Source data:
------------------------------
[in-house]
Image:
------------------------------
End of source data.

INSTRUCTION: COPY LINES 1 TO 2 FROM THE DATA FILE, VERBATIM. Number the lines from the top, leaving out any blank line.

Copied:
[in-house]
Image: